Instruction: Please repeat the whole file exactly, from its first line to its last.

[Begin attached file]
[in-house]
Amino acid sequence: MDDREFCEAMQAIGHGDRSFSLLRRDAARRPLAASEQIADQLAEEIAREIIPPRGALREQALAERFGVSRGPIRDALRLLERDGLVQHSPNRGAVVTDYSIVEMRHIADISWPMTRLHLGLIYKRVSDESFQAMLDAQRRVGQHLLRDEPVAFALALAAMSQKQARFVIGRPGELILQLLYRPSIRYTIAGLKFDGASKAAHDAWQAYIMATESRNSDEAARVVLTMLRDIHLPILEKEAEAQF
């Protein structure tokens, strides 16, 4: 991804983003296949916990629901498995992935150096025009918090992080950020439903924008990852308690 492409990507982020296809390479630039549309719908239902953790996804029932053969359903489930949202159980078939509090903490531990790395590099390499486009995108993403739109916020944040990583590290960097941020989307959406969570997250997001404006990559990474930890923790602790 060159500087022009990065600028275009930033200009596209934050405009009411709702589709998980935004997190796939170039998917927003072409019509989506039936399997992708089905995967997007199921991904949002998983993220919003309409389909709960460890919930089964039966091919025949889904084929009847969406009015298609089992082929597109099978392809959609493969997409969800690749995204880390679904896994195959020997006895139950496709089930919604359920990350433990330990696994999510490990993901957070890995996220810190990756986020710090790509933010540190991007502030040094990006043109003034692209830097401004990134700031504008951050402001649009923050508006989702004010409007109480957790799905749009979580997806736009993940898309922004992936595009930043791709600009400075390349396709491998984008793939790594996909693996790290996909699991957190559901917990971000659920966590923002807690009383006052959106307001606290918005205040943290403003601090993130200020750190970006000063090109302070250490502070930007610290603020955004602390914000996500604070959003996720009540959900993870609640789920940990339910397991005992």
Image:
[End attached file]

[in-house]
Amino acid sequence: MDDREFCEAMQAIGHGDRSFSLLRRDAARRPLAASEQIADQLAEEIAREIIPPRGALREQALAERFGVSRGPIRDALRLLERDGLVQHSPNRGAVVTDYSIVEMRHIADISWPMTRLHLGLIYKRVSDESFQAMLDAQRRVGQHLLRDEPVAFALALAAMSQKQARFVIGRPGELILQLLYRPSIRYTIAGLKFDGASKAAHDAWQAYIMATESRNSDEAARVVLTMLRDIHLPILEKEAEAQF
């Protein structure tokens, strides 16, 4: 991804983003296949916990629901498995992935150096025009918090992080950020439903924008990852308690 492409990507982020296809390479630039549309719908239902953790996804029932053969359903489930949202159980078939509090903490531990790395590099390499486009995108993403739109916020944040990583590290960097941020989307959406969570997250997001404006990559990474930890923790602790 060159500087022009990065600028275009930033200009596209934050405009009411709702589709998980935004997190796939170039998917927003072409019509989506039936399997992708089905995967997007199921991904949002998983993220919003309409389909709960460890919930089964039966091919025949889904084929009847969406009015298609089992082929597109099978392809959609493969997409969800690749995204880390679904896994195959020997006895139950496709089930919604359920990350433990330990696994999510490990993901957070890995996220810190990756986020710090790509933010540190991007502030040094990006043109003034692209830097401004990134700031504008951050402001649009923050508006989702004010409007109480957790799905749009979580997806736009993940898309922004992936595009930043791709600009400075390349396709491998984008793939790594996909693996790290996909699991957190559901917990971000659920966590923002807690009383006052959106307001606290918005205040943290403003601090993130200020750190970006000063090109302070250490502070930007610290603020955004602390914000996500604070959003996720009540959900993870609640789920940990339910397991005992």
Image: